David Wark Griffith’s The Birth of a Nation hit the nation right in the solar plexus when it premiered in 1915. The movie ran more than three hours, and while silent, featured a full orchestra with accompanying score. It was the most advanced film of its day, employing new techniques. It also launched the careers of several young start, including Lillian Gish.
You can watch the film here in its entirety. How, exactly, this is being allowed is beyond my. I talked with the folks at Kino Classics. While they did the digitization years ago, someone who answered the phone there claims not to know anything about the project. Certainly the film is in public domain, but the digitization…! Ah!
I had the great good pleasure of interviewing two film experts, Dr. Ken Jurkiewicz and Dr. Phyllis Vine.
For a time, Ken and I shared an office in the Broadcast and Cinematic Arts Department at Central Michigan University. He taught film appreciation classes there and I taught broadcast journalism. He joked that we were Doctors Schock and Schlock. Earlier–when I was working as a newspaper editor–I did him a bad turn. He had been contributing film reviews to the little little daily paper. The reviews were always excellent, bright and witty. And, alas, he ran afoul of the owner of the local downtown theaters (now all gone, gone, gone). That businessman complained that because Ken would review as he saw fit, people would stay away from stinkers. Well, shucks, what’s review for if not that? The flip side is that audiences would come to something Ken loved. My orders where to fire Ken. I did. This is one of my regrets. I should have taken a right stand and quit. Craven that I am, I did not. And I apologize here.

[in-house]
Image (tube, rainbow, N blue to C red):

Even so, Ken was willing to sit down with me long after I left CMU and talk about the film. That says more about him than me.
Here is the interview with Dr. Vine. She also is the author of One Man’s Castle: Clarence Darrow in Defense of the American Dream, what I’ve found as the best accounting of the case of Dr. Ossian Sweet. Simply brilliant.
There is some question about whether President Wilson actually made the apocryphal remark of history being written with lighting. Wilson’s biographer, A. Scott Berg, said that Wilson didn’t (no-one who was avi the showing remembered Wilson saying anything like that), but Griffith, always the promoter of his own work, circulated the account that the President had.
Here is a scan of a Scribners’s Magazine article–heavy on photos–that highlighted the making of the film.